Interview with Bill Walker, Independent Candidate for State Governor
by CARLOS MATías
Bill Walker is Alaska’s only independent candidate for governor. He will compete against Democrat Les Gara, Libertarians Billy Tolen and Roman Shovchuk, and Republicans Christopher Kurka and Mike Dunleavy, the current governor.
We asked Bill Walker the same questions we asked Les Gara last month (see November issue). But Walker has omitted to answer two: “Name three reasons why Alaskans should elect you,” and whether he will “promote official aid for entrepreneurs and small businesses affected by the Covid pandemic.” Here are his answers:
What are the most pressing needs in Alaska? Why should Alaskans elect you as governor? The next governor will be tasked with rebuilding Alaska after one of the toughest chapters in our state’s history. Part of that rebuilding process is getting the economy off the ground again and getting people back to work. Equally important is a commitment to ending the cycle of divisiveness. Far too many politicians obtain power by dividing neighbors rather than working to unite us as Alaskans.
I previously served you as governor, and my Lieutenant Governor running mate, Heidi Drygas, served you as Commissioner of Labor and Workforce Development. We are running as independent candidates to represent every Alaskan and to make it so everyone in our state feels welcome here, and has a bright future. One critical way we will accomplish this is by forming a cabinet reflective of our state’s diversity, with representation for people from many walks of life and with different perspectives, including from the Hispanic community.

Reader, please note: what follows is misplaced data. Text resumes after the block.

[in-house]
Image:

Are you in favor of exploiting natural resources such as oil and gas, even though this can damage the environment and part of one of the best biosphere reserves on the planet? Alaska is one of the first places to feel the economic and cultural devastation that climate change can cause. Our coastline is eroding, villages are being forced to relocate, and permafrost thaw is threatening homes and buildings across our state. In 2017, we established the Climate Action Leadership Team, a 15-member group filled with diverse stakeholders that outlined solutions we can take here at home. We will convene a similar group again on day one of the Walker-Drygas Administration, as the current governor disbanded this important work.